His father worried for him, but Russell tried to ease his fears.
“He said, ‘Dad, these people in Iraq are just like you and I. They want freedom. They want to be left alone. They want to be able to do their thing without suppression or getting hauled off … They’re human beings.'”
The elder Russell calls his son “the kind of guy you would be proud of. A chest full of ribbons.”
Indeed, Russell’s past reveals little that would hint at the onslaught of violence that erupted Monday in Baghdad.
In his 20s, Russell was charged with misdemeanor trespassing for entering an uninhabited structure, according to police records. He spent 17 days in jail and paid a $200 fine.
There was an ugly divorce from his first wife, Denise, who at one point accused Russell of hitting her mother on the shoulders in a confrontation over the couple’s son, then 2-years-old. In 1993, a month after the divorce decree was issued, Russell was charged with misdemeanor assault by threats, but the matter was later dropped, court records show.
All that was long past, though. In recent months, Russell seemed to be looking ahead to the future.
He was remarried to a German woman, and they lived together in Bamberg, Germany, where Russell was stationed for the last decade. She recently obtained her American citizenship, his family said, and the couple purchased a brand-new, two-story home in Sherman, not far from the farmhouse where Russell was raised.
Russell’s relatives said he planned on returning to Texas for good after he retired in a few years, to live in the house – furnished with Swedish imports – in a neighborhood called Country Ridge Estates.
And he had already planned a visit home in July, after his latest tour of duty was up.
The soldier’s son, John Russell II, received an e-mail from his dad on April 25, the day after his 20th birthday.
“He told me happy birthday and that he loved me and couldn’t wait to come down in July and see everybody and visit with the family,” the young man said. “Normal stuff.”
On Mother’s Day, came the flowers.
Then, the next day, five men were dead and Sgt. John M. Russell stood accused of killing them.__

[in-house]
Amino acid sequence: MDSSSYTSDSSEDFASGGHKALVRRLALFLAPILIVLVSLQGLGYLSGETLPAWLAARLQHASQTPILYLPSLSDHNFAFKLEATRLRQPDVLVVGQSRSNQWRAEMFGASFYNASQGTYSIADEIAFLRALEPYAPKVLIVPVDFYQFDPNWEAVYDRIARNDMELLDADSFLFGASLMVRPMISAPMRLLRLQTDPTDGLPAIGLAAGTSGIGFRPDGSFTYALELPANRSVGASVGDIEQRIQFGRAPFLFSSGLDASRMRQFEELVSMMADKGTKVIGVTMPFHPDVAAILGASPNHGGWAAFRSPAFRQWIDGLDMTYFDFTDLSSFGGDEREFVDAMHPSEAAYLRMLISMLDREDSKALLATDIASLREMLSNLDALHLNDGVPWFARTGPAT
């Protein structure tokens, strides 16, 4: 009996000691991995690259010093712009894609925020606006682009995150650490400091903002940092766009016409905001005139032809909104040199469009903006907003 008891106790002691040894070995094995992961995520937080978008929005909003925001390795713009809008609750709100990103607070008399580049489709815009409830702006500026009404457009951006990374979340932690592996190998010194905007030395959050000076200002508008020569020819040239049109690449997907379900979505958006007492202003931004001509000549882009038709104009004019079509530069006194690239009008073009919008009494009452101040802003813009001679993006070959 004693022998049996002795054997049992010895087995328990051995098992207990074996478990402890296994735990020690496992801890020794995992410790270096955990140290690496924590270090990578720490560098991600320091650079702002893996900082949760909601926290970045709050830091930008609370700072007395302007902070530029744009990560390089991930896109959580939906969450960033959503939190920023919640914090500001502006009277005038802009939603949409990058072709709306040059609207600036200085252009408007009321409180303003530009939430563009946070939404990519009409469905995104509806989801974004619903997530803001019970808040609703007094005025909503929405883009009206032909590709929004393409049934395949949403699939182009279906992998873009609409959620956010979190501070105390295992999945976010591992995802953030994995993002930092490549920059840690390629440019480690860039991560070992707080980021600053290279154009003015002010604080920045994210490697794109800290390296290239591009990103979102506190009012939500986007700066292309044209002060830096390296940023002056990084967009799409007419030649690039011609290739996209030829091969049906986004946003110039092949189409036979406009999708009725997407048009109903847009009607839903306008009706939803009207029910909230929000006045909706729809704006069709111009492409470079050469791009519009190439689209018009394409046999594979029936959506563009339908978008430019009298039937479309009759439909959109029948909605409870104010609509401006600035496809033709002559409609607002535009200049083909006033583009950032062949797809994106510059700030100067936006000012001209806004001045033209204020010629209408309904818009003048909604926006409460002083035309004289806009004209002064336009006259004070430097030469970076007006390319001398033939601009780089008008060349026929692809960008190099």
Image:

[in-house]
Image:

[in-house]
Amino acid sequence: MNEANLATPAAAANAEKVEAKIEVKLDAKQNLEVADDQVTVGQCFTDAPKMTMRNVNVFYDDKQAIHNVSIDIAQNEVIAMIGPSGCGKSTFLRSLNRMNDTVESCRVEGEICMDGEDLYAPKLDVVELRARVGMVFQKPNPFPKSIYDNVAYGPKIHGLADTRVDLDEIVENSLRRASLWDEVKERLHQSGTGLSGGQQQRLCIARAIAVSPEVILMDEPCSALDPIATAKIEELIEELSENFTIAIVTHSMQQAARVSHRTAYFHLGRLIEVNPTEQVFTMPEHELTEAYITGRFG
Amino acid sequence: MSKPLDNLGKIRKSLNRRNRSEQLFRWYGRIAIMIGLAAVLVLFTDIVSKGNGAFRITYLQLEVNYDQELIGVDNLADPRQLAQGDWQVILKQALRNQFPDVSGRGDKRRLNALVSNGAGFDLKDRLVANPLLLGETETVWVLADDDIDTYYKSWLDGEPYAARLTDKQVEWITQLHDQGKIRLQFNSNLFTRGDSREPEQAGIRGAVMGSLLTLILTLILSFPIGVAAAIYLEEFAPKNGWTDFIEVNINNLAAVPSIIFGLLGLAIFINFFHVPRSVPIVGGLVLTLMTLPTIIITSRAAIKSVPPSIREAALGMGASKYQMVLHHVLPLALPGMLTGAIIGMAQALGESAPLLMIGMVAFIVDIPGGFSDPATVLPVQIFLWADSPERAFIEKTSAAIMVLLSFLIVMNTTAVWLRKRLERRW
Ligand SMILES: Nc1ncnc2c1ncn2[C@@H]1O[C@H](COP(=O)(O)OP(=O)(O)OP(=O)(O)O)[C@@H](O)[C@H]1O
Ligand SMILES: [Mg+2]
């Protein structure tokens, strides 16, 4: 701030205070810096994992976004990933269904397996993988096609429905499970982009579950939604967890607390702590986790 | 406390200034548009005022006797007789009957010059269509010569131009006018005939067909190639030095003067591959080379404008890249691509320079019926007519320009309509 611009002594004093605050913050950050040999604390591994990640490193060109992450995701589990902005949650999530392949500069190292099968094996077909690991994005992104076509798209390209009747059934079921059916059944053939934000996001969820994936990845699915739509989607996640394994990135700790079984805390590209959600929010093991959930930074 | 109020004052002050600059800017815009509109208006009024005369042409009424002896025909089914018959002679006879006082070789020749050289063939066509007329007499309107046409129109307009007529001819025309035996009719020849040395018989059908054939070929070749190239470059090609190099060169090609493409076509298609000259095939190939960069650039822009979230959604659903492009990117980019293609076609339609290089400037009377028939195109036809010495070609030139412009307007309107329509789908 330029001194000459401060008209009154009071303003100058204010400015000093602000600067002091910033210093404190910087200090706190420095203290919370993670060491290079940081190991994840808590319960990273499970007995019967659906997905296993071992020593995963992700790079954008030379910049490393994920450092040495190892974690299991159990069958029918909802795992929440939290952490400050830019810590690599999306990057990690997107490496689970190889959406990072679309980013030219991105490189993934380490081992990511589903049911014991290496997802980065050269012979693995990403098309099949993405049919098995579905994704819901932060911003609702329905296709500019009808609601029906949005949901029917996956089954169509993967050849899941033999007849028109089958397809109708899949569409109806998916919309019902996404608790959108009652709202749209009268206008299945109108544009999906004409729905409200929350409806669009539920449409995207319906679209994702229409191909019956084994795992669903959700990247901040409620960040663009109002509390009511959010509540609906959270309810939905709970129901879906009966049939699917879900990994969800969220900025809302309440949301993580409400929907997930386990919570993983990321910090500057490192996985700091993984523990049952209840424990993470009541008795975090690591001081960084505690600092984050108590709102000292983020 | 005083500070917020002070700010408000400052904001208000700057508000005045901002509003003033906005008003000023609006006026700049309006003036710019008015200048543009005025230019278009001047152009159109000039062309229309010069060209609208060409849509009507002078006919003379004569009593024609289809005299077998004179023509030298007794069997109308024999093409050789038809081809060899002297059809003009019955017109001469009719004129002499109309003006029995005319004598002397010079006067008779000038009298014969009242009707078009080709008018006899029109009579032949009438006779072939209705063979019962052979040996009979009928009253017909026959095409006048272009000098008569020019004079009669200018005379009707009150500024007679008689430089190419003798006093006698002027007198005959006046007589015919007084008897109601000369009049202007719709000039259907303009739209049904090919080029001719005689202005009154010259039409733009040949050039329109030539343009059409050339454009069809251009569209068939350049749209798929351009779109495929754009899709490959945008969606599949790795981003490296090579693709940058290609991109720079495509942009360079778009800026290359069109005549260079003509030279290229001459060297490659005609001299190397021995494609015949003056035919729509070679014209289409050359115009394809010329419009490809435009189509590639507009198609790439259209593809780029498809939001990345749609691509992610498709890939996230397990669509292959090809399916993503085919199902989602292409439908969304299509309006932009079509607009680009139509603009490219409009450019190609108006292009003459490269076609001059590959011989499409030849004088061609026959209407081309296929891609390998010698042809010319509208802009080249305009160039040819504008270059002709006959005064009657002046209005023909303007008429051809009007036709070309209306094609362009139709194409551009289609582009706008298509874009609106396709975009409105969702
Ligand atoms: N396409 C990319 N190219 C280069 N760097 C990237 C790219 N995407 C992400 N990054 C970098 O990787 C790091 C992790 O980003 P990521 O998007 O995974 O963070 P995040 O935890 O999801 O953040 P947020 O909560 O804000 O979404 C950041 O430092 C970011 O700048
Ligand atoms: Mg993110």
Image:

Just what happened between his final e-mails to family and the incident at Camp Liberty remains unclear.
The one thing experts understand is that soldiers with repeated deployments are more susceptible to post-traumatic stress disorder and related mental health problems, such as depression.
“The more times you put someone in a situation where they will be traumatized, the greater likelihood that you create severe symptoms,” said Barbara Romberg, a clinical psychologist in Washington, D.C., who four years ago launched a nonprofit effort to provide counseling services to troops returning from Iraq and Afghanistan.
“They’ll talk about the first deployment as, ‘Whew. Made it through that.’ The next one is, ‘I can’t believe I made it through that one.’ By the third, they really feel they’re pushing their luck, that they’re not going to make it. That strain alone starts to eat away and create some dark and morbid thoughts.”
Russell’s sister, Jennifer, said her brother sought help in Germany after he began having nightmares following his second tour of duty. “They saw him four times, sent him home and sent him back to Iraq,” she said.
Shelley MacDermid Wadsworth directs the Military Family Research Institute at Purdue University and served as co-chair of the Department of Defense Task Force on Mental Health from 2006 to 2007. She agreed that mental health problems are more prevalent in soldiers with multiple deployments. Add to that concerns about family and money, the long work days, lack of sleep and having to be constantly vigilant – and “all of those things can be very troubling.”
Wilburn Russell, 73, said in an interview with Sherman television station KXII that he had major stomach surgery in February, that his grandson was recently diagnosed with cysts on his liver and his daughter-in-law’s father was dying of cancer.